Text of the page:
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Erwin SCHULHOFF (1894-1942)
Flammen (The Flames), WV93 (1923-29 rev 1932)
Raymond Very (tenor) – Don Juan; Iris Vermillion (mezzo soprano) - Death; Stephanie Friede (soprano) – a Woman, a Nun, Margarethe, Donna Anna; Gabriela Bone (soprano), Nina Bernsteiner (soprano), Anna Peshes (mezzo soprano), Christa Ratzenböck (mezzo soprano), Hermine Haselböck (mezzo soprano), Elisabeth Wolfbauer (mezzo soprano) – Female Shadows; Salvador Fernández-Castro (baritone) – Commendatore; Karl-Michael Ebner (tenor) – Pulcinella; Andreas Jankowitsch (bass-baritone) - Pantalone; Markus Raab (bass) - Harlequin
Arnold Schoenberg Chor, ORF Vienna Radio Symphony Orchestra/Bertrand de Billy
Libretto in German only
rec. August 2006, Theater an der Wien, live
CAPRICCIO C5382 [70:12 + 57:19]

Schulhoff’s The Flames (Plameny in Czech or Flammen in Max Brod’s German libretto) is a two-act ‘Musical Tragicomedy with ten scenes’. The original Czech text was written by Karel Beneš, and it was Brod who brought it to Schulhoff’s attention. It occupied Schulhoff for a number of years and though largely complete by 1929 was revised in 1932 just before its first performance.

It fits into a definable strand of Czech stage works that sit in a surrealist or dream state context. Given Brod’s friendship with Kafka it’s not hard to see those elements of Beneš’ original text that would have appealed - nightmarish visions, hyper-sexualised frenzy, confused realities. Some of these elements, some more benign than others, spurred Čapek’s text of The Makropulos Case – it’s no surprise that a number of recent stagings of Janáček’s opera stress, perhaps overstress, surrealist imagery. And these dream images reach their apotheosis in Czech opera in Martinů’s Julietta, first performed six years after Flammen’s premiere in Brno.

The work concerns Don Juan, and Schulhoff centres his drama on the Don, the Commendatore, Donna Anna – here his wife – and the figure of (female) Death, La Morte. The Don’s punishment is not death but eternal life, another feature that references, knowingly or otherwise, The Makropulos Case. Flammen doesn’t vest primacy in linear narrative – that would be altogether too old hat – but rather employs scenic devices like cinematic fades to depict the opera’s projection of the nature of the opposition of life and death, and between man and woman, and the fundamental irreconcilability of these oppositions. The more the Don fails and is punished, the more he lives, the attraction and repulsion between the opposing flames of the life-force (The Don) and death remaining eternally at odds.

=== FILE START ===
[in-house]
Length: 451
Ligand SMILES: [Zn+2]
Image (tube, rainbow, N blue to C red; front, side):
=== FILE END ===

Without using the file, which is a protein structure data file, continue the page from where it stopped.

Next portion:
If this summary makes the work seem a schematic pyscho-drama, heaving and throbbing with lascivious intent, then that’s to underplay Schulhoff’s music. There’s something sinuously Stravinskian and seductive about the opening flute solo in the Nocturne that begins (and ends) the work. There is expressionist and post-Debussian orchestral coloration, often chamber-sized, and a scene in which, in semi grand-guignol style, the Don is seduced by a Nun to the sounds of otherworldly swirling orchestral writing, Death playing the organ shortly afterwards, and a Weimar foxtrot emerging from some nightclub of the mind beyond. This pile-up of outlandish juxtapositions reflects the modernity of Schulhoff’s vision and the dramatic bravura he projects in other scenes shows real stagecraft. If the predominant feel is hallucination, he does write expressively from time to time though not with Zemlinskian fervour it’s true; rather, Schulhoff is compact, allusive, sometimes using the voices as colouristic devices in themselves. In the seventh scene, which ends the First Act, the voices of the central characters merge into the orchestral tapestry in what sounds to me, at least, like a kind of ecstatic Liebestod.

A Carnival scene as placid as a Venetian ball during a cholera epidemic opens the Second Act and off-key popular dances, slithering chromaticism, a murder-suicide, a Tango, the Commendatore’s curse and mocking cabaret dances pepper the last hour. It’s a work that functions by reiteration, by subversion and by presenting a scenario of lurid sexuality that varies from obvious to subtle.

This 2006 performance was recorded in the Theater an der Wien over several days. Raymond Very assumes the role of Don Juan with great resourcefulness, given some of the difficult registers asked of him, and Iris Vermillion’s La Morte is a perfect foil. Stephanie Friede is Margarethe and takes other smaller roles, whilst the Commendatore is Salvador Fernández-Castro. All the smaller roles are well taken. The ORF Vienna Radio Symphony Orchestra evokes both the impressionist-expressionist elements, as well as its more knockabout demotic, with great fervour and clarity and Bertrand de Billy lives up to his reputation as a most astute and perceptive conductor of difficult works such as this – difficult structurally, musically, and in terms of the right kind of ‘tone’.

The work was premiered on disc in Decca’s Entartete Musik series nearly thirty years ago and I’ve not been able to make comparisons between the two recordings. The Decca is, in any case, out of print.

Capriccio provides a libretto but it’s in German only. My one reader will point out that it can doubtless be found in translation on the internet, but I don’t think that’s quite satisfactory, especially for a work that’s barely known and performed. Otherwise, apart from some vocal losses during stage movement when characters seem to be distant from the microphones, this is a convincing performance that sheds important light on Schulhoff’s approach to stage work. You’re very unlikely to come across a performance in the opera house so this is certainly the next best thing.

Jonathan Woolf

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